Italy will declare a one-year moratorium on the country's nuclear programme at a cabinet meeting Wednesday, Economic Development Minister Paolo Romani told a parliamentary committee.
"At the cabinet meeting tomorrow we will call a one-year moratorium on decisions or the search for nuclear sites," Romani said Tuesday.
Rome had planned to start building nuclear power stations from 2014 and hoped to produce a quarter of its electricity with atomic energy by 2030.
The elephant in the living room, of course, is the threat of a government shutdown. Republicans seem terrified that they will get blamed if there is a stalemate and this leads to a shutdown of the non-essential parts of the government. And they are terrified of this outcome even if they have approved a budget and the stalemate exists solely because Harry Reid has blocked their budget in the Senate and/or Barack Obama has vetoed their budget.
"A new Pew Research Center poll shows that about half of Americans think the debate over spending and deficits has been "generally rude and disrespectful."
There's even bipartisan agreement — 48 percent of Republicans and Democrats have that view, as well as 57 percent of independents. President Barack Obama signed legislation Friday to provide funding to keep the government open until April 8, the sixth such temporary extension in the 6-month-old fiscal year.
Pew surveyed 1,525 adults from March 8-14. The poll's findings suggest the political losers so far have been Republicans, who rode a wave of voter irritation to win control of the House of Representatives last fall.
After the election, 35 percent said Republicans had a better approach to the deficit, expected to reach a record $1.65 trillion this year. This month, that number has plunged to 21 percent."
"[Environmental Protection Agency Administrator Lisa P.] Jackson said the House Republicans' plan to cut more than $3 billion from the EPA would have a major impact. "Big polluters would flout legal restrictions on dumping contaminants into the air, into rivers, and onto the ground," she said. "There would be no EPA grant money to fix or replace broken water treatment systems. And the standards that EPA is set to establish for harmful air pollutants from smokestacks and tailpipes would remain missing."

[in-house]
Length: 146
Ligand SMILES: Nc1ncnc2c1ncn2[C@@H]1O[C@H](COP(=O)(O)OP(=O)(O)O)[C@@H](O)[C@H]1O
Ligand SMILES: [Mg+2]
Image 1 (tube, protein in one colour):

"During the hearing, the EPA released a report that said that the cost-benefit of enacting the 1990 Clean Air Act under former president George H.W. Bush would reach about $2 trillion in 2020. The report also said the Act would save about 230,000 people from early death that year.
According to the report, which the EPA said received a review and input from scientists, economists and public health experts at the Council on Clean Air Compliance Analysis, estimated that 160,000 cases of premature death, 130,000 heart attacks, 1.7 million asthma attacks and 13 million lost work days were prevented last year by the reduction in fine particle and ozone pollution."
The refueling craft – a flying satellite gas station – will be built by the Canadian company MacDonald, Dettwiler and Associates Ltd. (MDA) and is slated to launch in 2015. Communications satellite company Intelsat, based in Luxembourg and Washington, has signed on as its first client, agreeing to pay more than $280 million over time for its satellites to be refueled.
" ...the ability to tow or refuel dead satellites in order to steer them out of the way would have a big impact on the growing problem of dangerous space debris clogging the crowded corridors of Earth orbit.
"In the context of debris removal, this is the absolute best and absolute most fantastic new venture for the entire space community."
"Now Mr. Steyer appears to be itching to take on the Koch brothers and their supporters as Republican lawmakers seek to limit the United States Environmental Protection Agency’s ability to regulate greenhouse gas emissions. “As an investor who one might say is insanely obsessed with energy and its generation and use around the world, it seems crazy to me we would roll back science-based clean air standards because there are skillful political operatives and wealthy political donors who really want to get rid of E.P.A. regulations,” he said in a speech Monday evening at the Cleantech Forum conference in San Francisco. “That seems nuts to me.”
"McConnell, the Senate's leading Republican, told Fox News Sunday that he stands behind his support for nuclear power despite the devastation in Japan.
"I don't think right after a major environmental catastrophe is a very good time to be making American domestic policy," McConnell said.
The Republican proposal, HR1, actually proposes cuts in the Head Start program that would mean:
* 218,000 children from low income families will lose Head Start/Early Head Start services;
* 16,000 Head Start/Early Head Start classrooms will close;
* 55,000 Head Start/Early Head Start teachers and staff will lose their jobs;